Steven left Goodison in 1989, enjoying two immensely successful periods with Scottish giants Rangers on either side of a single season with Marseille, where he won the Ligue 1 title.

But Steven still bleeds Everton blue, and remains heavily involved with Everton in the Community, an independent charity affiliated with the club, who Steven labels as "pioneers" for their tireless work on Merseyside.

Steven will be back in Liverpool this Sunday, alongside former teammate Peter Reid, at a Q&A screening event for Howard's Way, a film about the club's 1985 campaign.

Along with the First Division title, Everton won the European Cup Winners' Cup that season and only missed out on the treble after Norman Whiteside's extra-time winner for Manchester United in the FA Cup final.

Steven (L) and Kevin Ratcliffe

The film was funded by Phil Brown, owner of Causeway Technologies, a construction software company for whom Steven serves as mental health ambassador.

All proceeds of the film will go towards the building of 'The People's Place', a new purpose-built mental health facility which will stand only 500m from Goodison Park.

"I'm actually doing a lot of work with Causeway Technologies," Steven explains. "I'm very interested in their work with the construction industry. The construction industry in the UK is the worst industry for suicide in the workforce.

"Every day two construction workers commit suicide due to some pressures on site, financial, short term contract, not getting paid, the pressures of life. Everton in the Community have linked up with Causeway Technologies and myself to promote kicking out the stigma of mental health in the construction industry."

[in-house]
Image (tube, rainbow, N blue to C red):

Steven will get to hear the Goodison Park atmosphere once again after being invited as a guest to attend Monday's clash with Burnley, the club who gave him his start as a youngster.

Besides the presence of Benitez in the dugout, Steven is also complimentary of the recruitment drive this summer after Salomon Rondon, Andros Townsend and Demarai Gray were added to the squad.

Steven taking on an opponent

"His acquisitions have been terrific," Steven exclaims. "Salomon Rondon coming in with Premier League experience and working with Rafa at Newcastle, he's going to support the front two if there are injuries or need resting.

"But then you bring in Andros Townsend who is a seasoned, ambitious and hungry footballer despite being 30. I've always liked him and now I think he has the best manager he could possibly have and he is enjoying his football again under Rafa.

"And then Demarai Gray, what a buy that is. He adds something that Everton fans love to see. They love to see someone with the ball at their feet, who can go past somebody, they love to see a bit of pace.

"The criticism of Gray has been his consistency, he starts well and he fades but under Rafa I don't think he'll do that. He's also more mature now, he's 25 going on 26."

And while the appointment of Benitez remains contentious, Steven knows exactly what how the Spaniard can endear himself to the Everton faithful.

"[They have] a squad which will push for Europe, but can they get a trophy?," Steven says.

"Whether Carabao Cup or FA Cup, that will mean everything to Evertonians, that's what they really want. It would be a massive step."

To watch Howard's Way, a film on Everton's 1985 season, click here.